The Bombay High Court has made it clear that an investigative body cannot preclude a defendant’s right to bail simply by invoking more serious charges.
Justice CV Bhadang observed,
“There is no doubt that the investigation falls within the jurisdiction and domain of the investigating agency. However, this does not mean that the court in almost all cases would be bound by the invocation of a particular section against the accused by the Crown. Indeed, the label of the article or provision invoked is not decisive. To decide otherwise would amount to placing said right at the mercy of the investigating body and would indirectly lead the magistrate to renounce the obligation to enforce this right wherever necessary.“
He considered that the Court, while examining the application for bail by default, would be required to examine the generality of the allegations made and the evidence gathered. In a given case where ex face provision is not drawn, the Court cannot be bound by it.
The submissions were made in a case where the Court was primarily required to determine whether the accused would be eligible for bail if he did not complete the investigation within 60 or 90 days.
The question arose as the charge under Article 409 ICC, which would extend the investigation period to 90 days, was added against the accused a few days before the 60-day expiry.
“The provision setting a time limit for the completion of the investigation and the corresponding right of the accused to be released on bail where the investigation is not completed within the time allowed, is intended to balance the interest, to both of the investigation and of the personal freedom of the accused…I therefore conclude that the imprescriptible right acquired by the applicant on the expiry of a period of 60 days due to the failure to file the indictment cannot be reversed by the simple invocation of article 409 of the IPC alleging that the time limit for the completion of the investigation and the filing of the indictment is 90 days,” He held.
The decision came as the Court noted that the defendant, being a partner in the defaulting business, cannot be held responsible for the offense provided for in article 409 of the IPC insofar as there is community of ownership over the property of the company / the assets of all the partners and therefore in the absence of a mandate, the said offense n is not constituted (Velji Raghavji Patel v State of Maharashtra 1965 AIR 1433).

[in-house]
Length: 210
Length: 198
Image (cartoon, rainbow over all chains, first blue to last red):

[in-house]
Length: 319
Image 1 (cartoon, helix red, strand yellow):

The Additional Attorney General argued that there was no requirement for a formal order permitting the addition of the new section as it is the prerogative of the investigator and the matter of the investigation falls within the jurisdiction and the exclusive domain of the investigating body.
It was argued that Article 409 of the ICC was added/invoked before the applicant applied for bail under Article 167(2) of the CrPC. It has been argued that the principle enunciated in Veljee Raghavajee has been explained by the Supreme Court in subsequent decisions. It was argued that the same is qualified and would not apply where there is a special warrant. It has also been argued that the magistrate/special tribunal cannot consider this aspect at the stage of examining the application under Article 167(2) of the CrPC once the investigator has invoked a section admitting 90 days for completion of investigation.
The Court, however, stated that there is no doubt that the investigation falls within the jurisdiction and domain of the investigating agency. However, this does not mean that the court would be bound by the invocation of a particular section against the accused by the Crown.
“At least prima facie, it has not been demonstrated that there was such a special mandate in favor of the applicant. And that the special court did not mention these aspects, except saying that the offense under article 409 of the ICC is drawn,“, declared the high court.
In view of the above, the court granted a surety for the performance of a public relations obligation in the amount of ₹1,00,000/- with one or two solvent sureties in a similar amount to the satisfaction of the court of first instance.
Case Title: Alnesh Akil Somji v. State of Maharashtra
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